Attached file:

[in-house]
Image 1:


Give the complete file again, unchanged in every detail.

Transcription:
[in-house]
Image 1: